June 10, 2013 at 11:00 AM EDT
FASB Endorses Three Private Company Council Proposals
The Financial Accounting Standards Board (FASB) today voted to endorse three alternatives within U.S. Generally Accepted Accounting Principles (GAAP) proposed by the Private Company Council (PCC) to address concerns raised about the relevance and complexity of certain aspects of GAAP for private company stakeholders. The FASB expects to issue the three proposals as Exposure Drafts for public comment in late June.
The proposals involve accounting for intangible assets acquired in business combinations, goodwill, and certain types of interest rate swaps.
“Today’s decision by the FASB to endorse three PCC proposals represents significant progress in our joint efforts to address concerns about the complexity and relevance of certain standards for private companies that prepare GAAP-based financial statements,” said FASB Chairman Leslie F. Seidman. “We anticipate issuing the proposals for public comment later this month, and encourage our stakeholders to review them and let us know whether they believe they will improve financial reporting for private companies.”
The first proposal—derived from PCC Issue No. 13-01A, Accounting for Identifiable Intangible Assets in a Business Combination—would not require private companies to separately recognize certain intangible assets acquired in a business combination. The proposal enables private companies that elect the alternative within U.S. GAAP to recognize only those intangible assets arising from noncancelable contractual terms or those arising from other legal rights. Otherwise, an intangible asset would not be recognized separately from goodwill even if it is separable.
The second proposal—derived from PCC Issue No. 13-01B, Accounting for Goodwill Subsequent to a Business Combination—would allow for amortization of goodwill and a simplified goodwill impairment model. This would enable private companies that elect the alternative within U.S. GAAP to amortize goodwill over the useful life of the primary asset acquired in a business combination, not to exceed 10 years. Goodwill would be tested for impairment only when a triggering event occurs that would more likely than not reduce the fair value of a company below its carrying amount. Moreover, goodwill would be tested for impairment at the company-wide level as compared to the current requirement to test at the reporting unit level.
The third proposal—derived from PCC Issue No. 13-03, Accounting for Certain Receive-Variable, Pay-Fixed Interest Rate Swaps—would allow private companies the option to use two simpler approaches to accounting for certain types of interest rate swaps that are entered into by a private company for the purposes of economically converting its variable-rate borrowing to a fixed-rate borrowing. Under both approaches, the periodic income statement charge for interest would be similar to the amount that would result if the private company were to have entered into fixed-rate borrowing instead of variable-rate borrowing. The two approaches would apply to all private companies, except for financial institutions.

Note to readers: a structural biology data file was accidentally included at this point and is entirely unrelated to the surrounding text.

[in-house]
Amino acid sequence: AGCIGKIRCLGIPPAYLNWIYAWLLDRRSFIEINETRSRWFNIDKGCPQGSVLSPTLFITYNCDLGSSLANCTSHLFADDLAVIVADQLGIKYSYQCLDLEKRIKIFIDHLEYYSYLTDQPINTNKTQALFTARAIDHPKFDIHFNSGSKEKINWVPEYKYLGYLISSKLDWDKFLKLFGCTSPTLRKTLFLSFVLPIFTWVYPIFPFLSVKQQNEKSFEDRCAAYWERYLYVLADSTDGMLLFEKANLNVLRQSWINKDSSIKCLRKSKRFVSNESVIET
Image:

For the first two proposals, the FASB directed the staff to conduct additional research during the comment period to assess the applicability of these proposals to public companies and not-for-profit organizations. For PCC Issue No. 13-03, the Board directed the staff to conduct outreach through its normal channels, including advisory groups and other meetings in which the FASB participates.
At the PCC’s July 16, 2013, meeting, the PCC and the FASB plan to discuss PCC Issue No. 13-02, “Applying Variable Interest Entity Guidance to Common Control Leasing Arrangements.”
More information on the PCC Issues can be found on the PCC projects website.
About the PCC
The PCC was established by the Financial Accounting Foundation (FAF) Board of Trustees to work with the FASB to determine alternatives within U.S. GAAP for private companies. For more information on the PCC, please visit the PCC website.
About the Financial Accounting Standards Board
Since 1973, the Financial Accounting Standards Board has been the designated organization in the private sector for establishing standards of financial accounting and reporting. Those standards govern the preparation of financial reports and are officially recognized as authoritative by the Securities and Exchange Commission and the American Institute of Certified Public Accountants. Such standards are essential to the efficient functioning of the economy because investors, creditors, auditors, and others rely on credible, transparent, and comparable financial information. For more information about the FASB, visit our website at www.fasb.org.
John Pappas, 203-956-3440
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